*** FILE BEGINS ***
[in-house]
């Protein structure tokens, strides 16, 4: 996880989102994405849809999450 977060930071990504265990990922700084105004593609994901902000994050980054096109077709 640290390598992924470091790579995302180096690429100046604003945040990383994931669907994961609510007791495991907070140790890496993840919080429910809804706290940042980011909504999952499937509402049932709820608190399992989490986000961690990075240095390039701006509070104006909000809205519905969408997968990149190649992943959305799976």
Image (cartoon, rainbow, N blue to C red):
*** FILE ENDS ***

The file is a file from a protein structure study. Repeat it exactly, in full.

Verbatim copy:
[in-house]
């Protein structure tokens, strides 16, 4: 996880989102994405849809999450 977060930071990504265990990922700084105004593609994901902000994050980054096109077709 640290390598992924470091790579995302180096690429100046604003945040990383994931669907994961609510007791495991907070140790890496993840919080429910809804706290940042980011909504999952499937509402049932709820608190399992989490986000961690990075240095390039701006509070104006909000809205519905969408997968990149190649992943959305799976």
Image (cartoon, rainbow, N blue to C red):